Tuesday, August 24, 2010

Grill Pan Recipe: Marinated Grilled Zucchini with Oregano and Dried-Tomato Vinaigrette

Things Cooks Love: Implements. Ingredients. Recipes.
By Sur La Table and Marie Simmons

Prep 10 min | cok time 8 min per batch | serves 4

Zucchini is mild flavored, so it is the perfect canvas for the bold tastes of fresh oregano and dried tomatoes. Use your best extra-virgin olive oil and aged red wine vinegar for the dressing.

Small Bowl, Flat or Sauce Whisk, Mandoline or Chef’s Knife,
Grill Pan, Silicone Brush, Tongs

6 tablespoons extra-virgin olive oil
¼ cup red wine vinegar
1 clove garlic, grated or pressed
½ teaspoon coarse salt
Freshly ground black pepper
3 medium (about 5 ounces each) zucchini
Coarse salt
1 tablespoon minced fresh oregano
2 tablespoons finely slivered olive oil–packed sundried tomatoes, drained and patted dry, for garnish

1. Make the vinaigrette: In a small bowl, combine the olive oil, vinegar, garlic, salt, and grinding of black pepper, and whisk until blended.
2. Trim the stem and blossom ends from the zucchini. With a mandoline or chef’s knife, cut each zucchini lengthwise into 5 slices each about ¼ inch thick, and then spread the slices in a single layer on a platter.
3. Heat the grill pan over medium heat until hot enough for a drop of water to sizzle on contact.
4. While the pan is heating, brush the zucchini slices on both sides with a film of the vinaigrette. Working in batches, place the zucchini on the pan and grill for 4 minutes, or until grill marks appear. Turn with tongs and grill the other side for 4 minutes, or until tender. As each batch is cooked, return the slices to the platter.
5. Sprinkle the zucchini slices lightly with salt. Whisk the oregano into the remaining vinaigrette and drizzle on top of the zucchini. Sprinkle with the tomato slivers. Serve warm or at room temperature.

Wednesday, August 11, 2010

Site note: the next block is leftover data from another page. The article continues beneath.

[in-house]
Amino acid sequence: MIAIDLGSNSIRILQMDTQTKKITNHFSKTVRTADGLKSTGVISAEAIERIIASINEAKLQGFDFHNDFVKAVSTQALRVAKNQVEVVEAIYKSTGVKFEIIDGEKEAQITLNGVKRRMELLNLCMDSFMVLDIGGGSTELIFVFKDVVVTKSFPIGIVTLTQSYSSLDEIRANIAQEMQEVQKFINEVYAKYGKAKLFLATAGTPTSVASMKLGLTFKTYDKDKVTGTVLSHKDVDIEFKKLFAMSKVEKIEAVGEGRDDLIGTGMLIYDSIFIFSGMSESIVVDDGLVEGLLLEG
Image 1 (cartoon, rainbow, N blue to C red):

Herbs -- From Things Cooks Love: Implements. Ingredients. Recipes.

From Things Cooks Love: Implements. Ingredients. Recipes.

Herbs add flavor and fragrance to your cooking. Here are some ideas for using your favorite herbs.

Basil is pleasantly sharp, with notes of mint, thyme, and clove. The herb’s mintlike taste goes well with tomatoes, seafood, chicken, pasta, and fresh fruits.

Bay Leaf
This highly aromatic herb is used in broths, soups, and sauces. Most cooks prefer the taste and aroma of Mediterranean bay (or Turkish bay) to the more pungent California bay.

Chervil’s mild parsley flavor with notes of licorice goes well with salmon, potatoes, peas, and carrots.

The delicate onion flavor of chives goes well with eggs, potatoes, fish, shellfish, and many vegetables.

Also called Chinese parsley and fresh coriander, cilantro has a distinctive taste. It is widely used in cooking all over the world.

The flavor of fresh dill is reminiscent of lemon and celery. It’s popular for salmon and other seafood, eggs, tomatoes, potatoes, and in salad dressings.

Marjoram is in the same family as oregano, but has a sweeter flavor. Italians use it in frittatas, eggplant dishes, and with tomatoes.

There are many varieties of mint, but the most common is the mild spearmint. It is a classic flavoring in iced tea, tomato salads, with green beans or braised carrots, and in tabbouleh.

Oregano’s flavor notes of pepper and thyme pair well with chicken, red meats, pork, tomatoes, and most vegetables. Use it sparingly as too much can produce a bitter taste.